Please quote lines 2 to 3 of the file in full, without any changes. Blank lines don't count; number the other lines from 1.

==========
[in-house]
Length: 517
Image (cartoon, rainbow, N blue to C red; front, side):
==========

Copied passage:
Length: 517
Image (cartoon, rainbow, N blue to C red; front, side):